In January 2021, President Erdoğan controversially appointed Melih Bulu as the new rector of the prestigious Boğaziçi University, inciting protests from both students and academics. Faculty member Olcay Akyıldız provides an insider’s perspective on the protests and their impact.
Central banks are supreme national economic institutions. What happens when, during a war, they become part of the power struggle? Heba Taha looks at the case of Yemen, which since 2016 has had two competing central banks, resulting in rivalling banknotes and currencies with different values.
Since the late nineteenth century, Modernist Muslim commentators have argued for the ejection of “foreign” texts, Isrāʾīliyyāt, and a return to an “untainted” Islam. In academic literature, however, the connections between the late-Ottoman ʿulamāʾ and the Arab Modernist exegetes are often neglected.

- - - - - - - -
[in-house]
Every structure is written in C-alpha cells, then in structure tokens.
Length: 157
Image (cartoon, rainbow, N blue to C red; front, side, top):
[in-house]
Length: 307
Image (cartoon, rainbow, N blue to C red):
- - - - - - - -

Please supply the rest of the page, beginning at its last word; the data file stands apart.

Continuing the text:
Peter Webb discusses the shortcomings of studying printed editions of Arabic sources, and introduces a new Leiden initiative designed to help overcome the pitfalls: Mouse&Manuscript, a free online suite of lessons covering the essentials of how to read Middle Eastern manuscripts.
Delaram Hosseinioun discusses the mirror art of dame Monir Farmanfarmaian, through the lens of Judith Butler’s theories on feminine Otherness, highlighting the influence of the fourteenth-century Shāh Chérāgh Mosque on Farmanfarmaian’s work.
'Is islam verenigbaar met westerse waarden?' Maurits Berger ontleedt het ‘waardendebat’ en beargumenteert dat wat er schuurt tussen gelovige moslims en de Nederlandse samenleving niet de politiek-juridische waarden van vrijheid en democratie zijn, maar cultureel-religieuze tradities en gewoontes.